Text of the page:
A better way to think about processes is as a collection of tools.
Going back to the soup analogy, if we consider each utensil to be an individual process, we can trust our team to reason about which process they actually need to follow and choose the ones that make them most effective.
(In this case, that means reaching for a spoon because it’s the right tool for the job. Unless it’s a really chunky soup, in which case you might add in a fork or chopsticks. No, dear god, please don’t add that to the decision tree.)
Reframing our processes as toolkits instead of checklists lets us keep all the benefits of well-designed processes without the drag of jumping through irrelevant hoops to satisfy a checklist.
Solving real-world problems is rarely a predictable process. This means that comprehensive checklists are inherently unsuitable for the task. This is why strategies like the waterfall model have slow, demotivating timelines: you can’t predict the exact process for solving novel problems, and that means any checklist-based approach will either be out of alignment with the end goal or so broad as to be largely irrelevant.
However, if we break a linear checklist into its component subprocesses and treat each of those as a tool, we’re able to use our smart, non-robot, human brains to assess the situation and choose the processes from the toolkit that let us accomplish the task at hand.
One of the major issues with process checklists is that they don’t trust the person following them at all. An exhaustive checklist implicitly says to the reader, “I don’t trust you to get this right, so I need you to prove that you did it properly by checking each of these boxes in order.”5
A toolkit inverts that relationship. It says, “You’re the expert here, so we trust you to get this done. Here are all the tools you might need to get there.”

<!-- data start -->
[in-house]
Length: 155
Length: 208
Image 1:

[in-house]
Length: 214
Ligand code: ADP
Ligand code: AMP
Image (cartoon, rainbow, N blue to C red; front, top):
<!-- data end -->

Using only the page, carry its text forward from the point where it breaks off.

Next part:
Realistically, the outcome is the same: the useful processes will be followed, and the irrelevant ones will be ignored. The difference is that in a checklist scenario, the person doing the work is forced to prove they tried each irrelevant step before moving on, while a toolkit-based approach allows the worker to use their own deductive reasoning to make the decision.
The wonderful thing about toolkits is that they can include checklists that are useful in certain contexts. “Is this your first time doing a task like this? No problem! Use this handy checklist to see all the questions we recommend asking to decide how to solve it.”
Next time, you may not need the checklist, so you won’t reach for that tool again.
One of the best ways to improve a team’s sense of autonomy and job satisfaction is to use results-based management strategies. Toolkits give teams the ability to choose their own approach (autonomy) and allow them to be measured on the outcome of their work rather than the specifics of their workflow.